Hubble finds two dwarf galaxies heading for the ‘big city’

12 Aug 20163 Shares

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Hubble captured the glow of new stars in these small, ancient galaxies, called Pisces A and Pisces B (above). The dwarf galaxies have lived in isolation for billions of years and are just now beginning to make stars. Image via NASA, ESA, and E. Tollerud (STScI)

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NASA’s most consistently entertaining space mission, the Hubble Space Telescope, has just discovered two isolated tiny dwarf galaxies heading for a ‘big city’ cluster of galaxies.

Coming in from the ‘local void’, an area 150m light-years across, Pisces A and B have travelled through what NASA calls the “vast cosmic wilderness”.

Now approaching their key destination, the young galaxies are set to blow off some steam via a firestorm of starbirth – each had been relatively dormant for billions of years.

Hubble

“These galaxies may have spent most of their history in the void,” said lead researcher Erik Tollerud. “If this is true, the void environment would have slowed their evolution.

The reason Tollerud and his team know A and B are from the void is an abundance of hydrogen in them, a key signifier for young galaxies and a key ingredient to star formation.

“These galaxies seem to retain that more primitive composition, rather than the enriched composition of contemporary galaxies, due to a less vigorous history of star formation.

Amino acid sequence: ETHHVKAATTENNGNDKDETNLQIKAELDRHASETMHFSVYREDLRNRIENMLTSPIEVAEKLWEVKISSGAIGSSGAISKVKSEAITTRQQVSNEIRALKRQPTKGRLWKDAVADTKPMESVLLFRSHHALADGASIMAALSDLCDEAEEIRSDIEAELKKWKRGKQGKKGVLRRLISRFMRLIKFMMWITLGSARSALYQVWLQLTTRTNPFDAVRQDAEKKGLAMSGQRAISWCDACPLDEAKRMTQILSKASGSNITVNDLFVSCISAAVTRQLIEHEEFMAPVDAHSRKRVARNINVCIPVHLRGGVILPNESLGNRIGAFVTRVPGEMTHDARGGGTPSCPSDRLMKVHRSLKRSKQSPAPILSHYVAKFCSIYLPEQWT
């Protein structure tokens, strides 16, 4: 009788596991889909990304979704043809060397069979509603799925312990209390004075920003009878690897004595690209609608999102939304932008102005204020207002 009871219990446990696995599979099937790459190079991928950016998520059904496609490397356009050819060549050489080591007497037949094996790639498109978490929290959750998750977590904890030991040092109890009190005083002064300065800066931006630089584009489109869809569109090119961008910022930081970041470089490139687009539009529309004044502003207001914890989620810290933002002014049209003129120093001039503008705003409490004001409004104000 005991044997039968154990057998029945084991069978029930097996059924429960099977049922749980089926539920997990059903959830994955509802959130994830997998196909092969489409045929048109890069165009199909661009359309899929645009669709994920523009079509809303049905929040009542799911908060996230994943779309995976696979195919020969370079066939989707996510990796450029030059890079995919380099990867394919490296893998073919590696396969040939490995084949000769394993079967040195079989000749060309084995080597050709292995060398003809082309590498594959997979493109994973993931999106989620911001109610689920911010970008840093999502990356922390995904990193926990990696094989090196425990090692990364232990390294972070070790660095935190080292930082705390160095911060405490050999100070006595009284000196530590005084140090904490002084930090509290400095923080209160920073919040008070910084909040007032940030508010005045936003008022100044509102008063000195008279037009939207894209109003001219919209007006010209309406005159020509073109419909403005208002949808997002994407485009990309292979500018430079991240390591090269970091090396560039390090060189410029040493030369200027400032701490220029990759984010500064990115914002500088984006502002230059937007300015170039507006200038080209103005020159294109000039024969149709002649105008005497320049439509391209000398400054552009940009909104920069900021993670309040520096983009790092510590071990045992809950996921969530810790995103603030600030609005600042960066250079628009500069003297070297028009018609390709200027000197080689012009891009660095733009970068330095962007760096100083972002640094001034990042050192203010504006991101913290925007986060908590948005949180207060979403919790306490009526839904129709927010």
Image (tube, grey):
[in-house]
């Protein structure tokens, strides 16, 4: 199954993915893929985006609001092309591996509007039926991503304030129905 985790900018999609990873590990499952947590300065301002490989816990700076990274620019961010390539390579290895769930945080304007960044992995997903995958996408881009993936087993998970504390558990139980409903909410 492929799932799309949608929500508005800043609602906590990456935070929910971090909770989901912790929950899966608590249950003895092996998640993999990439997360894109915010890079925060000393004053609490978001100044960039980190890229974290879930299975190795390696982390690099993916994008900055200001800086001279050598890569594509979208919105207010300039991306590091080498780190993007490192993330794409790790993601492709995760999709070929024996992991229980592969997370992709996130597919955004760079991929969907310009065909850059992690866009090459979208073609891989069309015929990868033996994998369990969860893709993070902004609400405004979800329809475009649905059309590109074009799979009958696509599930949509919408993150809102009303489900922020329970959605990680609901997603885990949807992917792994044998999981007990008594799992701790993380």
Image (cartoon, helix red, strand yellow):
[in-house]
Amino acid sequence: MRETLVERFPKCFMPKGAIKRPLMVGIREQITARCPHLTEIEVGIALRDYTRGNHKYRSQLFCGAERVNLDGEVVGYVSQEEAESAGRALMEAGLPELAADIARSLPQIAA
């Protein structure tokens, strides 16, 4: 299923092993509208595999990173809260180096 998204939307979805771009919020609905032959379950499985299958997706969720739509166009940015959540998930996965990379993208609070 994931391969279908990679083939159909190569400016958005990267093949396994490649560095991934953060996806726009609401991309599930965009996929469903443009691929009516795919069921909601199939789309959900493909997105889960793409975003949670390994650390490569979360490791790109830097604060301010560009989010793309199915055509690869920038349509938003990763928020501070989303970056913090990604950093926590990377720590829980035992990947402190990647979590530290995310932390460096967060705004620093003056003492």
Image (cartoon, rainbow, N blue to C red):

“The galaxies also are quite compact relative to the typical star-forming galaxies in our galactic neighbourhood.”

Hubble Dwarf Galaxy

Hubble has captured the glow of Pisces A (19m light-years away from Earth) on the left and Pisces B (30m light-years away from Earth) is on the right. Image via NASA, ESA, and E. Tollerud (STScI)

The relatively small number of stars due to form from these two dwarf galaxies is due to that gas make-up. Each galaxy contains about 20 to 30 bright blue stars, a sign that they are very young, less than 100m years old.

“The galaxies could even probably stop forming stars altogether, because they will stop getting new gas to make stars,” Tollerud said.

“So they will use up their existing gas. But it’s hard to tell right now exactly when that would happen, so it’s a reasonable guess that the star formation will ramp up, at least for a while.”

Gordon Hunt is senior communications and context executive at NDRC. He previously worked as a journalist with Silicon Republic.

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